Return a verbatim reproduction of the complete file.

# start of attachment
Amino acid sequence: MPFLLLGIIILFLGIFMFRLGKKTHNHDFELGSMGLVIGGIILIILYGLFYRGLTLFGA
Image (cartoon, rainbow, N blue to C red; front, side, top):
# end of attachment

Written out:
Amino acid sequence: MPFLLLGIIILFLGIFMFRLGKKTHNHDFELGSMGLVIGGIILIILYGLFYRGLTLFGA
Image (cartoon, rainbow, N blue to C red; front, side, top):